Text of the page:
My grandparents celebrated their sixtieth wedding anniversary this year. They are one of those couples that are living a love story every day, even after sixty years. They went to third grade together, and then Grandma’s family moved away. And when they met again at seventeen, Grandpa swears he remembered that beautiful face from the third grade. They were married at the Justice of the Peace, just before Grandpa left for the Navy. They moved to Hawaii a few years after the attack on Pearl Harbor.
Life took them to California for a few years, and then back home to Michigan. At their house in Kalamazoo, Grandpa worked in his shop while Grandma tended her roses, all along the white fence. We watched them slow dance in the kitchen and loved to look through their pictures from Hawaii and their sailing trips. They love to ride bikes together, and for their seventy-fifth birthdays, they took their tandem recumbent bike to Washington, DC, to ride along the Potomac.
On the night of their anniversary party, we had dinner and cake and when we toasted them, essentially, we all said the same thing. We each said our own versions of thank you for having a marriage that gives us something extraordinary to aspire to. Thank you for all the times we caught you kissing in the kitchen and all the times you showed us pictures of your wedding and your years in Hawaii and your sailing trips and bike rides. Thank you for giving us a picture of how we could be, if we work really hard and are very good to one another. Thank you for living with so much love and tenderness and laughter that we have in you a real life picture of how good it can be.
You, my dear friend, will be a bride for one day, but you will, with God’s grace and your own very hard work, be a wife to this man every day for the rest of your life. Being a bride is super-fun, but it pales in comparison to the thrill and beauty of being a part of one of the truly great partnerships, like my grandparents. Make your love story one worth telling. Make it one worth living, every day, as long as you both shall live.
*An excerpt taken with permission from Bittersweet, Zondervan 2010
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UPDATE: Congratulations to Alyssa B. for winning the giveaway of a pair of TOMS classic shoes for him, and 31Bits jewelry for her! The winner has been emailed and the randomly selected winning comment was:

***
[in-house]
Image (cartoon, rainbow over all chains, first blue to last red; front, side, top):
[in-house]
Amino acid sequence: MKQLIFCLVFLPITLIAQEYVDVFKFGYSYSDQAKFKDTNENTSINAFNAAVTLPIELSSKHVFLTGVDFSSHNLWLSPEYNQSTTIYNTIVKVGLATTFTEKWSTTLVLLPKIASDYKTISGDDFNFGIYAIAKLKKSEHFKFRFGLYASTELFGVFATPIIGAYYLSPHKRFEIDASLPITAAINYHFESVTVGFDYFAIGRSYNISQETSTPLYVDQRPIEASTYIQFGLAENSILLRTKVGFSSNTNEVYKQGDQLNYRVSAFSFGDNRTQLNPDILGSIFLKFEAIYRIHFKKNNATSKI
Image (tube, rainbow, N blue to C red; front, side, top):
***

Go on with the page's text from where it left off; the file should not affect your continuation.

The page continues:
i did not have a brides wedding either time. it was my second ceremony and his fourth. BUT and this is key, after 6 years of marriage, i got saved,( he already was saved) and so this is the first REAL marriage for both of us. sure sure sure you stand before the rabbi and make vows but until you know Christ they are just words. as Followers of Christ marriage became a true commitment. i think that makes all the difference between a life long commitment and a wishy washy one, God. we put HIM first and we honor HIM in our marriage and HE faithfully keeps us focused, eyes to eyes. yes i love my husband more today than i did ten years ago. we have settled into one another like an over stuffed chair and we are comfortable together. but it is the knowing, the knowing that no matter how much we love one week and yes, hate the next, we are in it till death do we part. but the greatest part of all is knowing that death will not part us. we are in this for an eternity.
Featured Guest: Shauna Niequist
Shauna Niequist grew up in Barrington, Illinois and then studied English and French Literature at Westmont College in Santa Barbara. After graduation, she worked with high school students at Willow Creek in Barrington for five years. On her first day there, she met Aaron Niequist, and three years later they were married. They moved to Grand Rapids, Michigan, to work at Mars Hill. They made great friends, walked to the Real Food Café twice a week for breakfast, and learned the hard way that they are not home repair people. Their son Henry was born there, and will be four this fall. After six years in Grand Rapids, they moved back to the Chicago area. Shauna is the author of Cold Tangerines (Zondervan, 2007) and Bittersweet (Zondervan, 2010), and you can visit her at www.shaunaniequist.com.